I don’t know if it’s increased traffic or just poor timing (or both), but I find myself sitting at stoplights a lot these days. And I end up twitching impatiently, annoyed at the impediment to my progress! But I recently remembered a tip I read from Thich Nhat Hanh, revered Buddhist monk and spiritual leader, about finding the ‘bells of mindfulness’ in our day. He used the example of the telephone ringing, and encouraged the reader to use the sound as a reminder to take three deep breaths before answering. I remember thinking this was a swell idea, and then promptly forgot. But recently, as I stewed in my impatience at yet another stoplight, the practice wandered back into my mind. And why not mindfulness AND movement? I thought to myself. So I set about gathering a few activities that I could safely do while sitting at stoplights that would occupy my thoughts, calm my mind, and benefit my body.
The first one I’m cribbing from Thich Nhat Hanh, but with a twist. Rather than simply breathing, I’ve been focusing on the 3D breath that expands my entire rib cage. Sit tall on your sitz bones (as well as you can in the sloped seat) and reach the top of your head gently toward the car roof. Relax the sternum (center of chest) down and soften the shoulders. Then imagine breathing into a big rubber band that encircles your entire ribcage, right about where you wear a heart rate monitor (a little below the bra strap for the ladies). Try to imagine and feel the breath stretching the imaginary band as it expands in all directions, paying special mind to the sides and back of the ribcage. I find the high back of the car seat to be a helpful as feedback for this. It doesn’t have to be the biggest breaths EVER – you don’t want to get light headed! Just focus on where you’d like the sensation of the breath to go. This one is particularly useful when I’m annoyed or stressed, because it calms me down and eases the tension in my chest, back, shoulders, and neck.
This one occurred to me because many of us don’t have much reason in the average day to lift our arms over our heads, creating pinching tightness when we occasionally try. And it can be a surprising amount of work to hold your arms up there! You may get a curious glance from the next car, but just smile and wave. Maybe they’ll want to join you! You can do one arm or both, and I tend to cycle between resting my hands on the sun visor, car roof, and reaching overhead to touch the headrest. Notice if your ribcage tries to go with your arms, putting an arch in your middle back. Just soften the sternum and relax your chest down – you can even add the breathing from above. BOGO!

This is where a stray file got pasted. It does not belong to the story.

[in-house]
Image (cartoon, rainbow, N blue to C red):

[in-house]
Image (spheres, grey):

I like this one so well I find myself wishing stoplights would last longer! Sit tall with elbows bent, and flex one wrist forward with fingers pointing up, as if you were going to honk the horn! Using the other hand, gently pull each straight finger back one at a time, reaching the palm forward in opposition. Get every finger, and don’t forget the thumb! You can also go the other way, flexing the wrist down, fingers pointing down like you’re reaching into a Pringles can. Using the other hand, press each straight finger toward the wrist. And don’t forget the thumb! If you’re like me you’ll only get to do one hand per stoplight, and actually start to look forward to the next light so you can do the other side!
I don't know if I would go so far as to say that I like stoplights now, but they are far more tolerable. Now if you’re a passenger, you can do these whenever you like! And they work pretty slick on airplanes too. If you’re the driver, keep it to the stoplight. Please stay alert and DO NOT practice these while the car is moving! Safety first, both hands on the wheel, etc.
I just love finding moments in my day that I can use for varied movement, and I hope you find these tips helpful. And feel free to share if you have some of your own!